A parent may read about a child who sleeps from 6 p.m. to 6 a.m. and think that there is something wrong with their child (or their parenting), because no matter how many sleep courses they follow, their child does not go down until 9 p.m. and only sleeps for nine hours. But children are born with unique sleep needs. Parents need to find the right schedule for their family, which can take a lot of time and patience. Parents must give themselves a break if their child does not fall into the “perfect” parameters.
Q: How can a parent tell what their own child needs in terms of sleep?
SG: Look for signs of sleep deprivation in your child to know if their sleep schedule needs to be adjusted. In an infant, this may be a baby who consistently falls asleep at the breast or the bottle or may be fussy even if they are being held. The overtired baby may take longer to fall asleep at night or nap times and, ironically, may wake up after a short sleep time and need their parent to re-settle.
In a toddler, sleep deprivation can lead to multiple “meltdowns” in a day. It is tricky to know for sure that your toddler is overtired or just exercising their natural right to tantrum! However, if your child seems to be constantly on the verge of a tantrum, you may want to adjust their sleep schedule and see if that makes a difference.
Q. What can you do during the day to help your child feel secure at night?
SG: Keep in mind that children experience sleep as a separation. A child can have this fear of separation even if they are old enough to understand that their parent is in the house. This can be very frustrating for parents, but there are many things you can do to help your child feel more secure at nighttime.
For all ages, being present for your child – both physically and emotionally – allows your child to develop a trusting, secure relationship with the most important people in his life. If you recognize their needs and listen to their cues, your child will grow up knowing that they have a strong emotional support, which gives them the tools to develop into an independent, confident individual.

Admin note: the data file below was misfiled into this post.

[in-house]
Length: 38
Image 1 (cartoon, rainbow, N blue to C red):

For infants, parents can establish calming and consistent routines so that your little one can learn to anticipate and adjust to the sleep separation. Many parents choose to have their child’s crib in their room, which certainly helps a child feel more secure. If and when you return to work, choosing childcare with consistent caregivers will also help your child feel more secure and develop a secure attachment style.
This is not just true for infants. Toddlers and preschoolers also benefit from being in a school that encourages a slow entry into school and teachers who recognize the strong feelings that accompany first days.
Q. What are some healthy bedtime practices parents can implement to encourage sleep?
SG: Children love routines and parents can start implementing them as soon as they want. If you have a newborn, the routine is more for the adults, but it will soon become an important part of your baby’s day.
Calming baths, singing, book reading, baby massages or toddler back rubs can all be part of your schedule. You will soon figure out which elements help your child relax and help them get ready for bed.
For older children, we find that providing a visual schedule is helpful for the child to wind down and understand that it is bedtime. You might have a picture of a toothbrush, the bathtub, books, musical notes for a song – whatever constitutes your nightly ritual. I like to use Velcro, so if the routine must change slightly (no bath, for instance) you can move the pictures around to match your night.
Parenting Goal: Healthier Sleep for All!
Remember parents: sleep, much like any other skill, requires patience, understanding and tailored nurturing. You can learn more by checking out ParentTalk’s full episode on the subject here. You can also check out Dr. Lavin's monthly guest blog posts on a variety of sleep and health topics here.